First, we may remind ourselves, modern psychology teaches us that you only know about the cruelest violence because you have been exposed to it. Many on the darker side of life have not necessarily chosen that front. Life pushes you. But it's man's duty to be civil and refuse to be thus bullied. And so he builds civilisations that hope to create heavens on earth.

All violence (or almost all, if you believe one can be born psychotic; but even then you could think in terms of karma...) must have a provenance or derive from some extreme and possibly corrupt survial instinct. Bear this in mind as you wade through the more sickly swampy bits towards the end - both to keep you head above the slike, as to feel the dreadful suck that makes you feel like you are suffocating. Maybe, it is impossible to give war criminals a human face unless you think in terms of redemption; but it is not up to us to extend it to them.It can't be that facile. The taxidermist is by hoping to make repairs or to restore (dead animals) on too mundane a level. On that level, maybe, there is only the playing field where there can be an eye for an eye. But then there is also his The non-mudane.

The epilogue-like bit is probably the heart of the novel. As a book of questions it is on the ventilator of our unconcscious longing for peace. Isn't it ironic how the last surviving writer/victim is left with the best insight into the cruelest games to play. He hands them down in a list (as do all the accounts of victimhood): is this a good thing? A necessary thing? .... It gives one to think how difficult it will be to find other ways to handle horror than by talking about more horror.

How to talk about atrocities without doing them more lip-service? How to talk about survivors and keep their memories alive without talking about the atrocities? But the future must be different for we are growing numb to the old stories. What are they "about" anyway?...

The main theme of Beatrice and Virgil may well be that there is an art to memory and memory is essential to change. By the way, let us not forget to bring Dante and his journey through the past of Hell and Purgatory to mind, too. Only by leaving these worlds behind does he find Beatrice (in Heaven).

Did the Taxidermist attempt to find another way but was he unfairly misunderstood or under-appreciated? Or is life a cruel and twisted means to redemption?! Are we kinder to bring to justice than leave someone to wander off in guilt?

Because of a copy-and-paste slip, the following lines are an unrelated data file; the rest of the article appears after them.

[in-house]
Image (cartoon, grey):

The fine line that separates a good and kind life from sadism, masochism, violence, hatred, cruelty and condemnation has to become a new zone of artful resolution.

Can we understand any of this with our heart, yet? Can an evil-doer be forgiven by us nowadays (like in the legends of saints)?

What if, redemption is another way to consider the end to all violence/wars? But how is it earned? Who can bestow it? Who are the saintly? When is the final act of violence committed?

Who is to say the evil-doers are not ultimately redeemed (as the theme of the thief on the cross in the Christ story). I am not trying to present a religious argument but propose a tricky Existentialist-philosophical one.... Kierkegaard, Weil, even Beauvoir might have more to say on this.

This book might contain more transdimensionality than even the author could quite grasp....None of us might be ready at this time in history to offer alternatives...In the meantime, relish this little gem.

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Customer Reviews

Most Helpful
4 out of 5 stars
By Audio Gra Gra on 24-03-14

Darker, but much better than Life of Pi

Before buying this book, I was intrigued by the many angry reviews claiming that Beatrice And Virgil was offensive and "tricked" the reader. I couldn't disagree more with those opinions.
There is nothing offensive in this book - there are some dark and disturbing scenes, but offensive? No, not unless many other supposedly "classic" novels throughout history covering man's darkest deeds are offensive too.